What Does ‘Civilization’ Say About Civilisation?

[Authors Note: Throughout this piece, when referring to the game series Civilization, I will use the American English spelling because that’s where the game originated and thus what it’s called. When referring to the concept of civilisation I will be using the British English spelling]

 

So, you may or may not be familiar with the Civilization series of games. In simple terms, the Civ series is a strategy game series wherein you take control of a civilisation and lead it to victory. There are a few things that happen when you game-ify history and I’m going to use that lens to see what the choices made in designing the series say about how its creator’s ideologies. Whether they uphold unexamined ideologies or use the game to delve deeper into these ideas.

The first thing I want to look at is some of the first choices you have as a player. In Civilization, you must pick a civilisation. That leads to an interesting question. What does Civilization judge to be a civilisation? Words like civilisation and barbarism come with connotations. The first game comprises fifteen civilisations, from across Europe, Asia, North America, and Africa. So, we can at least heave a sigh of relief that Civ avoids a Eurocentric viewpoint of civilisation, which is a viewpoint that unfavourable types have held for some time. Civ V holds the widest definition of a civilisation with forty-three civilisations from across the world that are able to be picked.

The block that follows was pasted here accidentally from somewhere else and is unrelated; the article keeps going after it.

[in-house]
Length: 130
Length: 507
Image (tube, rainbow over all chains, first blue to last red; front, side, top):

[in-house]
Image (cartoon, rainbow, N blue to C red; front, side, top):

Notably, my home country Australia wasn’t represented until Civilization VI’s release last year, and even then as DLC. Anyway, Civ certainly attempts a diverse picking of civilisations across the series. I haven’t delved deep enough to discover whether there’s some been some section of the world untouched by the many overlapping empires of Civ’s civilisation choices.

 

The next concept I want to examine in Civilization is the choice of leaders. See, this is a bugbear with the series and I’m not sure how to fix it. It’s rather effective within gameplay, but has some unfortunate connotations. In Civilization, you can pick civilisations that have a designated leader (in some games multiple leaders are offered). This leads to some unfortunate ideas. There is a concept from the nineteenth century known as the ‘Great Man theory’. The theory posits that particularly magnanimous individuals throughout history shape history through their actions. A powerful idea for gameplay where agency is one of the main draws for video games, but not so great for history. Indeed, the idea was largely debunked following the alternate idea posited that ‘Great Men’ are products of their time and their singularness is not so singular. Civ plucks their leaders from their historical context as avatars for the player and thus gives rise to this unfortunate idea.